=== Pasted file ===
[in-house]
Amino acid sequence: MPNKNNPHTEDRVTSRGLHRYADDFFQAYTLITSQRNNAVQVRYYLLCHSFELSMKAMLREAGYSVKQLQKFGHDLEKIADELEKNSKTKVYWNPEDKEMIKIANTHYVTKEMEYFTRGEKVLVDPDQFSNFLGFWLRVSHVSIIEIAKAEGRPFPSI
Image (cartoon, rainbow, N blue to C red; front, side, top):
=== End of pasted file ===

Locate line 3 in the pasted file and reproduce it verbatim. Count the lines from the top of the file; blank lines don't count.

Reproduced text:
Image (cartoon, rainbow, N blue to C red; front, side, top):